Georgia Tech fans realized that Pat Nix had truly fooled them for five years. Nix, in fact, was an agent sent from Auburn University to destroy Georgia Tech's chances at ACC glory. In a rainy, cold Jacksonville crapfest, Tech only scored 2 field goals. The offense averaged almost 27 points per ACC contest. The defense only gave up 3 field goals. Pat Nix is very fortunate he got a job with Miami because he was about to be fired.
A defense powered by Calvin Johnson and Tashard Choice mustered six points against Wake Forest, with championship rings on the line. To this day the game's 9-6 final score functions as a shorthand for ACC title game fail.
Last meeting: Down by three in overtime, Paul Johnson called for Joshua Nesbitt to attempt a fourth-down conversion. If he converted, Tech would go to 7-1 in the ACC with a game against Duke the following week. If he didn't make it, Miami would have a chance to take the division, as they held the head-to-head tiebreaker.
We'd been standing since the middle of the second quarter, when a dubious chop block penalty negated a 60-yard end-around touchdown by Stephen Hill and necessitated half an hour of booing, but I had to sit. "This is the conference," I kept muttering with my hands on my head, forgetting for a moment the conference's 9-6 heritage.
He made it:
Heather Dinich writes:
Wake Forest quarterback Tanner Price didn’t practice on Monday because of a concussion he sustained at Florida State, and his status is uncertain for Saturday’s game against Georgia Tech.
Blogger So Dear mentions Wake’s other quarterback, Ted Stachitas, is also banged up.
SBN ATL: I noticed Wake Forest has some very, very strange rushing yardage stats. The two QBs run about as often as they pass, and lead the team in yardage. Even without their contributions, the team still runs way more than it passes. Is all this by design? Is this a new thing? How do you feel about Wake's running game?
MR: I'll try to answer your questions all in one. It's a complicated answer.
Tanner Price showed a big arm in the win over Duke, but in the FSU game, he often had little time to throw the ball, so he had to tuck or run for his life.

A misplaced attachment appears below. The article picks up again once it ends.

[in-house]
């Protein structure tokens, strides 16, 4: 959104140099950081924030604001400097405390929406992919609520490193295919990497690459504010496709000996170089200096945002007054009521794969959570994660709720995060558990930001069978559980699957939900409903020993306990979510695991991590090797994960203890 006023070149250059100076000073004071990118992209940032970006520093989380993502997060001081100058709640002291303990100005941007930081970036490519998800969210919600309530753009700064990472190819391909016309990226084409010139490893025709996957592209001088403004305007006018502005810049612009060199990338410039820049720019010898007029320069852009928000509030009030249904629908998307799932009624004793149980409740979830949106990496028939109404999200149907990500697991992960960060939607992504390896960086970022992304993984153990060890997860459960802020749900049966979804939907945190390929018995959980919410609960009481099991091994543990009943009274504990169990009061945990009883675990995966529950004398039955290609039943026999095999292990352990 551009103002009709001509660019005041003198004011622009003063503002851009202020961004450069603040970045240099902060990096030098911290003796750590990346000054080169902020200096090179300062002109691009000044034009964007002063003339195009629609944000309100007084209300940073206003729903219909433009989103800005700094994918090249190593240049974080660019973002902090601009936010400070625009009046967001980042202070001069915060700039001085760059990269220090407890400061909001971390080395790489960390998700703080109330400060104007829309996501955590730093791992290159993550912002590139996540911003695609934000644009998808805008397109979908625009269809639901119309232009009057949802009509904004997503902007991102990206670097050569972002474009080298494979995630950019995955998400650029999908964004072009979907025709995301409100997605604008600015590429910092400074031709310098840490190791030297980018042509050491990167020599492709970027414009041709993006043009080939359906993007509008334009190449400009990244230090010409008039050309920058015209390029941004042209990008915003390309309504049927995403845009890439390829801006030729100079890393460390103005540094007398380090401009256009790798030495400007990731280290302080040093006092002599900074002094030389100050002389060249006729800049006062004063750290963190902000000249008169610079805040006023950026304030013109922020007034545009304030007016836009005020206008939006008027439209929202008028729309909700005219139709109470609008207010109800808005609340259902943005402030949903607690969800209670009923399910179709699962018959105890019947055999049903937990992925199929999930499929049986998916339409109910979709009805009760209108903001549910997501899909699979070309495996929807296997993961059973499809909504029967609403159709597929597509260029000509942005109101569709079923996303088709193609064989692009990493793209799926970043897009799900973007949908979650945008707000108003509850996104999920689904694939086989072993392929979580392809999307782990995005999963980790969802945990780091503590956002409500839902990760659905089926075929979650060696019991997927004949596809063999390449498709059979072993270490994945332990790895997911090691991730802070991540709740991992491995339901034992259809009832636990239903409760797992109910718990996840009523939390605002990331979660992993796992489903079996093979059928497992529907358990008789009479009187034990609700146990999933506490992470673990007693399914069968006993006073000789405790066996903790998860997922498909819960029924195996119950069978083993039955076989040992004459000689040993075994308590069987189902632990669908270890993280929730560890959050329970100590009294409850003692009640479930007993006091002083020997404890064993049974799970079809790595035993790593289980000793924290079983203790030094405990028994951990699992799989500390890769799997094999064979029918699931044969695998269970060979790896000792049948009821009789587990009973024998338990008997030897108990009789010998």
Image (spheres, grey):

When Ted Stachitas is in, it is absolutely by design. He was Tebow's successor at Nease H.S. so he is familiar with that style of offense. He had some big passing games in high school, but as of yet has shown little to no development in the passing game (although he was efficient when called into duty after Price's concussion).
A lot of Wake's running game has come from designed QB zone reads and options this year. Wake has run options in the past, but not much in the last few years as Riley Skinner was not a very mobile quarterback. Both Price and Stachitas have wheels, so it appears that the coaching staff is content to let them run. Unfortunately the offensive line is poor, especially in pass protection, so the two quarterbacks have to do this far too often.
Wake has trouble running between the tackles, but freshman Josh Harris has shown bursts in limited action. Wake has a lot more success on the edge and utilizes their fast receivers like Givens and Devon Brown on endarounds at times.
I would like to see improvement in the running game as we have seen very little I-formation (which has been chalked up to FB Tommy Bohanon's shoulder injury), but when you can't run it up the middle or off-tackle, it is hard to establish consistency. But without a conventional running attack or even the fear of one, it is very difficult to run PA plays and opponents are able to sit back and zone Wake to death, hurting chances at the deep balls and even simple crossing patterns.
As I've said in the last couple weeks, something has to change soon and I'm very disappointed in the playcalling in general.
Comparing resumes: After being shut out by Florida State (SHUT OUT BY FLORIDA STATE) and blown away by Stanford, Wake might actually be looking forward to this game. Boy, that's a depressing thought. The Possessed Parishioners did win a 102-point shootout against Duke, meaning they let Duke football score a bad basketball game's worth of points.
Tech's lone noteworthy win, a back-and-forth survival in North Carolina, trumps Wake's. Yayyy.
Demon Deacons to watch: The nineteen-headed running game monster, led by quarterbacks Ted Statchitas and Tanner Price, is ranked 15th in the nation. Five players have more than 100 rushing yards so far, with three more exceeding 50. Eight have scored ground touchdowns. Considering Tech's run-distribute-y offense and awful tackling, the rushing yard columns in this game's box score could run out of digits fast.
I can't say I've watched Wake this year, but what in the world, man? Their two quarterbacks have combined for 70 rushing attempts and 78 passes. Researching this. More to come.
On defense the ha ha ha it feels good to laugh since our defense is very bad too.
Vegas says: Tech by 9.5.